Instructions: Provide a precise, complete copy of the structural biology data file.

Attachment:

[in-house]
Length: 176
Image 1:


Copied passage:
[in-house]
Length: 176
Image 1: